Rabban Yochanon ben Zakkai had five [primary] students. They were: Rabbi Eliezer ben Hyrkanos, Rabbi Yehoshua ben Chananya, Rabbi Yossi HaKohein, Rabbi Shimon ben Nesanel, and Rabbi Elazar ben Arach. -- Ethics of the Fathers, 2:10
He used to enumerate their praises: Rabbi Eliezer ben Hyrkanos is a cemented cistern that never loses a drop; Rabbi Yehoshua ben Chananya -- fortunate is she who bore him; Rabbi Yossi HaKohein is pious; Rabbi Shimon ben Nesanel fears sin; and Rabbi Elazar ben Arach is as an ever strengthening spring. -- Ethics of the Fathers, 2:11
The first mishna above, 2:10, is possibly the most peculiar in all of Ethics of the Fathers. It teaches us no point of Jewish law, offers no ethical guidance, provides no insight into human nature or spiritual development. It merely enumerates the names of the five main disciples of Rabban Yochanon ben Zakkai.
Why should we require an entire mishna for nothing but a list of names?
In our discussion of the previous mishna, we described the political and spiritual crises that faced Rabban Yochanan: the Roman occupation, the Zealot rebellion, the destruction of Jerusalem and the Second Temple, the devastation and despair that overtook the Jewish nation. Only through brilliant diplomacy and ingenuity did Rabban Yochanan ben Zakkai guarantee the survival of the Jewish people and the preservation the Torah by securing the yeshiva of Yavneh and its scholars.
Our mishna underscores the transmission of Torah law, Torah tradition, and Torah ideals during this most precarious era in Jewish history. At a time when all might easily have been lost, Rabban Yochanan saved the future of the Jews and their Judaism, not only by providing for the continuation of the yeshiva, but by raising up disciples who would carry the tradition on to the next generation.
The transmission of Torah, however, is not enough to ensure the Torah's survival; just as essential is the people's confidence in the integrity of that transmission.
I will only be willing to commit myself to honor, protect, and observe if I believe that the Torah taught by the rabbis of my own generation is as authentic as the Torah handed over by the Almighty to Moses at Sinai. For this reason, the Torah itself warns us to neither add nor subtract a single letter of Moses' Torah: it is an eternal Torah, applying equally in every generation.
For this same reason does an entire mishna devote itself solely to the names of the students of Rabban Yochanan. In that most trying generation, Rabban Yochanan ensured the authenticity of Torah tradition through these five scholars. Not only did his students become custodians of the Torah -- they became the Torah itself, testifying through their great scholarship that the integrity of the tradition flowing from them was as unimpeachable as the tradition they received.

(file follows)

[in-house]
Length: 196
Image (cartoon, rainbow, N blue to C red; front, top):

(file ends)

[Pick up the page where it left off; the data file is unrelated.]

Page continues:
A cemented cistern that never loses a drop
Having identified the five scholars through whom Torah survived the destruction of Jerusalem, the next mishna goes on to describe the qualities that enabled these scholars to rise above their colleagues and attain preeminence. Rabbi Eliezer ben Hyrkanos is described as a cemented pit that never loses a drop. This does not mean, however, that Rabbi Eliezer merely possessed a perfect memory. Indeed, one scholar in the Talmud who had perfect recall is derided as being just "a bag of books." An unfailing memory may be a valuable tool, but it does not make a sage.
Rather, Rabbi Eliezer not only remembered every word he learned; he "acquired" every word of Torah he learned, understanding its meaning and significance, integrating it into his overall perspective of Torah, and internalizing it so that it became part of his nature. He never lost a drop because, like a sealed cistern, he prevented any aspect of Torah teaching to seep away from him through inattention or lack of application.
What was the secret of Rabbi Eliezer's remarkable ability? It was that he valued each word or Torah as one values a drop of water in the desert. Recognizing that his spiritual life depended upon the teachings he received from his master, he protected his Torah by making it inseparable from himself.
fortunate is she who bore him
What is a Jewish mother's hope for her son? That he should be a doctor? A lawyer? Marry a nice Jewish girl?